A phone call to the chef and stewardess immediately followed and it turned that they too were feeling what they thought was sun burn and dehydration from waiting out on the street for a taxi for too long. 


Scombroid food poisoning is a foodborne illness that results from eating spoiled (decayed) fish. Along with ciguatera, it is listed as a common type of seafood poisoning. The toxin believed to be responsible is histamine, formed as the flesh of the fish begins to decay. As histamine is also the natural agent involved in allergic reactions, scombroid food poisoning often gets misidentified as a food allergy.


What we understood from the Bosun’s previous experience was that an antihistamine could be used to neutralise the Scombroid (a Histamine) but as a subscriber to Medlink I called the hot line for a professional opinion, a much quicker option than calling the agent to find a local doctor available.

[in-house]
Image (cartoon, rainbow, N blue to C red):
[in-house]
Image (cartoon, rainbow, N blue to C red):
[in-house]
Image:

Speaking to the doctor over the phone they insisted we all head straight to hospital as a precaution and whilst on the phone arranged for us to be seen immediately at a private hospital, 19 minutes away. A mini bus was ordered and an officer from one of the only other yachts in the shipyard (who happened to have an old friend working aboard) was summoned to babysit our yacht.

At 1420 I was having a cold shower which did nothing for my fever, had a throbbing headache and a bright red rash from my head to my ribs.


It was clearly the Tuna we’d eaten and the two crew out shopping happened to be at the same supermarket where the fish had been purchased from. At this point I need to clarify that there was nothing our Chef could have done differently in preparing the Tuna that had come vacuum packed and looked lovely when it had been served. 

The Chef, although distraught and wrongly blaming herself for the crew’s predicament, spoke with the supermarkets manager who it has to be said, took the news very seriously, removed the batch of fish from the shelves and called in Health & Safety who quickly tested the suspect Tuna. Later results that same day came back positive for Scombroid.